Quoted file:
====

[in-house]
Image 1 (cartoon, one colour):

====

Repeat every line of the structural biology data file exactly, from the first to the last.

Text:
[in-house]
Image 1 (cartoon, one colour):